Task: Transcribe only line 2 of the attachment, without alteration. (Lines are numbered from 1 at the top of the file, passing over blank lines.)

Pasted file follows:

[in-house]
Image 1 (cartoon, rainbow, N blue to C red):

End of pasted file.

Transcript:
Image 1 (cartoon, rainbow, N blue to C red):